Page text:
Changing schools was another common issue of concern among children from less advantaged backgrounds, possibly due to higher rates of residential mobility often observed among families experiencing disadvantage (Phinney, 2013).
Notes: Population weighted results. Year 12 or less = both parents did not have any post-secondary qualifications; Certificate or Diploma = at least one parent completed a Certificate, Diploma or Advanced Diploma; Degree = at least one parent completed a Bachelor's Degree or a higher qualification. Asterisks (marked in the second column of each age group) indicate statistically significant differences from the reference group (Year 12 or less), from chi-square tests: * p < .05, ** p < .01, *** p < .001.
Source: LSAC Waves 6 and 7, B cohort
Notes: Population weighted results. Low = lowest 25%, Middle = middle 50%, High = highest 25% on parental income. Asterisks (marked in the second column of each age group) indicate statistically significant differences from the reference group (low income), from chi-square tests: * p < .05, ** p < .01, *** p < .001.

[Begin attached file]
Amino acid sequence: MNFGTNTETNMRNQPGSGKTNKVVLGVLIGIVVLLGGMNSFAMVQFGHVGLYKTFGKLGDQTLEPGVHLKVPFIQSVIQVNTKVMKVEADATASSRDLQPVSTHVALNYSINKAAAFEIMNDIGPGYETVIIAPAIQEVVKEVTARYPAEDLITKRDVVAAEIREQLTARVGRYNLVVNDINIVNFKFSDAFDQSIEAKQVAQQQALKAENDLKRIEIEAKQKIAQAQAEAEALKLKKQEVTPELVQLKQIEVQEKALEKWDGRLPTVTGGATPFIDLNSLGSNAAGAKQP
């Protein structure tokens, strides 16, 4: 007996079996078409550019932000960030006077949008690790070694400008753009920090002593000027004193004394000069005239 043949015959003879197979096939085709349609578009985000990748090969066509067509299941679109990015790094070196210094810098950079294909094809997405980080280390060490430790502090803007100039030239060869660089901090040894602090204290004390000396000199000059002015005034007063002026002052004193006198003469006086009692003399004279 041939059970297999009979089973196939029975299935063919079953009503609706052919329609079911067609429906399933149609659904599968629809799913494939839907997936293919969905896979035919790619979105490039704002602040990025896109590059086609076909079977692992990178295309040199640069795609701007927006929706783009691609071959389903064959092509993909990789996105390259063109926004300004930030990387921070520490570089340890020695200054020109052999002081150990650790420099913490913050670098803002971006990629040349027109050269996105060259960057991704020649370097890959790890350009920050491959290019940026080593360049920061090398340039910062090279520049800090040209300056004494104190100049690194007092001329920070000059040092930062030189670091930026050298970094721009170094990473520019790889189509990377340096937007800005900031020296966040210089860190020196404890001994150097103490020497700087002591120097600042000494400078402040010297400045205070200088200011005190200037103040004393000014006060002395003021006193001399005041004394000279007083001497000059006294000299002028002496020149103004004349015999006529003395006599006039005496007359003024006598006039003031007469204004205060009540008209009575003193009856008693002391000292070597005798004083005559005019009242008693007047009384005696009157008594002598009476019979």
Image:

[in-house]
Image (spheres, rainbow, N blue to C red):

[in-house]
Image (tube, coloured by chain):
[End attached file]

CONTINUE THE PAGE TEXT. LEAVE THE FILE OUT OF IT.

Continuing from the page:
Source: LSAC Waves 6 and 7, B cohort
Culturally and linguistically diverse background (CALD)
Children from culturally and linguistically diverse (CALD) families in Australia generally worried more than children from non-CALD families (Table 12.5). These worries became more wide-ranging as children got older. As noted earlier, the transition to adolescence can be a difficult time for many young people. This may be particularly so for children from CALD backgrounds, who may face additional challenges to peers, such as difficulties learning English, discrimination, intergenerational conflict and feelings of displacement (Child Family Community Australia [CFCA], 2015; Commissioner for Children and Young People WA, 2016).